by Diane Fahey

Diane Fahey

The smoky season. Wind and river running
high, beneath their harsh chorale a silence —
everything changing, held in stillness.
And now warmth blowing back, introit to
an Indian summer. From a narrow strand
I watch the heron's hieroglyphic grace;
mauve-grey muslin screens the further shore;
the clouds are a paste of dissolving pearls.
All else — dogs and people and silver gulls,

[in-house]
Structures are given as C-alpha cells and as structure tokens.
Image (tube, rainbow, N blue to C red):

river light and tarnished sand — are as clear
as they will ever be. No planes scrape
the sky, the sun will set unseen, and soon
the almost-full moon is there to answer
my gaze, set its cryptic seal on the world.

Sea wall and river light

Last updated January 14, 2019